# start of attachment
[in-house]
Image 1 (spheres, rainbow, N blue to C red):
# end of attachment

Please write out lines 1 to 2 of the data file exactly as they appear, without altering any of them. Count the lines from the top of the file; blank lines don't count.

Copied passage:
[in-house]
Image 1 (spheres, rainbow, N blue to C red):